By Samuel Burke & Claire Calzonetti, CNN
Ten years ago this week Baghdad fell. It had been a scant three weeks since the United States had invaded Iraq.
The world watched as jubilant Iraqis and U.S. Marines tore down a giant bronze statue of Saddam Hussein in Baghdad’s Firdos Square. The image was played over and over again all over the world. In the United States, it was taken as a sign of victory. The world later find out that images weren’t all that met the eye. For example, some accounts later claimed that the crowd was made up largely of troops and journalists, not every-day Iraqis.
But then, as now, the toppling of Saddam's statue remains the perfect metaphor: Perception did not match reality. A war the U.S. thought it had easily won instead dragged on for another decade, killing thousands of American forces and over 100,000 Iraqi civilians.
After years of death and destruction, the majority of Iraqis, today, say they don't think democracy can work.
The American people thought it would be a quick and clean war because that's what their leaders told them. And those leaders were citing assurances from prominent Iraqi exiles to back up their case.
One of those exiles was Brandeis professor, Kanan Makiya. Just days before the invasion, then-Vice President Dick Cheney cited Makiya as one of the people who led him to believe that U.S. troops would be “greeted as liberators.”
Ten years later, Makiya believes Iraqis are indeed better off without that brutal dictator, but he now admits to errors of judgment about just how the war would turn out.
“It's unfolding inside Iraq, at the moment in bad ways, but tomorrow very well it may not be in bad ways,” Makiya told CNN’s Christiane Amanpour on Monday.
Makiya does not think the picture is as bleak as some paint it and cites the success of Iraqi Kurdistan – an northern region where security improved and the economy has flourished.
But could Makiya look at the parents of a dead American soldier and say the war was worth it?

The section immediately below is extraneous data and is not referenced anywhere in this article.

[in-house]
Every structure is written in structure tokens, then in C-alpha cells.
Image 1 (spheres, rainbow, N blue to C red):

“The truth is I can't. I would have to lower my eyes and just be quiet, be ashamed,” he said. “But at the same time, I can't say that for the people in Iraq in general. I think the picture is very different for Iraqis coming out of the Saddam era than it is for the rest of the world.”
The war may not have been worth it for Americans, but Makiya still clings to the sense that it is was a victory for the Iraqi people, despite the continued insecurity.
He hoped for democracy to flourish; while that may be a just cause, many believe he was naïve and was out of touch with Iraq at the time of the invasion.
“I made errors of judgment,” Makiya admitted. “My judgments were, in part, based upon the hope that things would turn out differently.”
Though Makiya is quick to point out that he cautioned that Shiite rule could result in a period of retaliation.
“I made those warnings. As it turned out, the Shiite political class put in power by American force of arms on April 10th, 2003, did behave selfishly, did think only of themselves and even began to lose the very idea of Iraq,” he said.
Despite some of the misgivings he has about how the Iraq War turned out, Makiya says the world should intervene in Syria for moral and strategic reasons.
“It's a simple matter here: Intervention to reduce the killing,” he said. “Or at least decreasing the killing will help increase the chances of a stable Syria surviving.”
In the shadow of the Iraq war he admits intervention poses many dangers.
“I'm not even sure the United States should do it. I hope the Turks will do it, frankly,” he said. “Everything is fraught with danger in the Middle East today.”